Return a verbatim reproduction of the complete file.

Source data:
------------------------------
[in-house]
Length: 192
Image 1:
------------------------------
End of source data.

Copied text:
[in-house]
Length: 192
Image 1: